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Home arrow Environment arrow Enabling Asia to Stabilise the Climate

Key Message to Policymakers

• India's CO2 intensity declines in BAU yet inadequate for global low carbon goal.

• Carbon price affects energy supply side and leads to high share of nuclear energy and CCS.

• Sustainability policies reduce energy demand and enhance share of renewables.

• Low carbon policies aligned to sustainability goals deliver sizable co-benefits.

• Sustainability scenario delivers same carbon budget with lower social cost of carbon.

Introduction

India has endorsed the long-term target of limiting the temperature rise to under 2 oC (GoI 2008) and has also made voluntary commitment for reducing the emission intensity of GDP in the year 2020 by 20–25 % below that in the year 2005 at COP15 in Copenhagen. The “National Action Plan on Climate Change (NAPCC)” released by the Prime Minister's Office in June 2008 considers mitigation and adaptation actions implemented through eight National Missions (Table 3.1) to which the current government has added four more missions: wind, waste to energy for mitigation, and coastal and human health for adaptation.

The Indian approach to climate change is based on delineating and implementing cost-effective mitigation actions which can contribute to national sustainable development goals while remaining aligned to the UNFCCC's expressed objective of keeping the average global surface temperature increase to below 2 oC over the preindustrial average.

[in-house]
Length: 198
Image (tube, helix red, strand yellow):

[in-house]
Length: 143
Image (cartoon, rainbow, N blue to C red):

Model and Scenarios

Assessment Methodology and Model System

The integrated framework proposed in Fig. 3.1 falls under the earlier AIM family of models (Kainuma et al. 2003; Shukla et al. 2004). The bottom-up analysis is done

Table 3.1 Eight National Missions for climate change

by the MARKAL model (Fishbone and Abilock 1981). MARKAL is an optimization mathematical model for analyzing the energy system and has a rich characterization of technology and fuel mix at end-use level while maintaining consistency with system constraints such as energy supply, demand, investment, and emissions (Loulou et al. 2004). The ANSWER-MARKAL model framework has been used extensively for India (Shukla et al. 2008, 2009; Dhar and Shukla 2015).

AIM/CGE and GCAM are top-down, computable general equilibrium (CGE), models used to compute the GDP loss and CO2 price for the 2 oC stabilization scenario. AIM/CGE has been developed jointly by the National Institute for Environmental Studies (NIES), Japan, and Kyoto University, Japan (AIM Japan Team 2005). The model is used to study the relationship between the economy and environment (Masui 2005).

Fig. 3.1 Integrated model system

 
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